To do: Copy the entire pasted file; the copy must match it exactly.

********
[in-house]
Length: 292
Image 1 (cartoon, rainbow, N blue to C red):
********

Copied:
[in-house]
Length: 292
Image 1 (cartoon, rainbow, N blue to C red):